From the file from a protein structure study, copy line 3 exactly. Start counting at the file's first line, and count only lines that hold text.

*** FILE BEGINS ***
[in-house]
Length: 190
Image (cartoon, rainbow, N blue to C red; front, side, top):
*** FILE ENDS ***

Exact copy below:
Image (cartoon, rainbow, N blue to C red; front, side, top):